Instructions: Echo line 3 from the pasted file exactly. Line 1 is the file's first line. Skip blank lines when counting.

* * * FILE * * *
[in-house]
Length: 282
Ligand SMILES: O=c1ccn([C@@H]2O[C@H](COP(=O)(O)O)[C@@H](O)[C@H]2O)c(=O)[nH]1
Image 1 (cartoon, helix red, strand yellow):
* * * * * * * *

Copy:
Ligand SMILES: O=c1ccn([C@@H]2O[C@H](COP(=O)(O)O)[C@@H](O)[C@H]2O)c(=O)[nH]1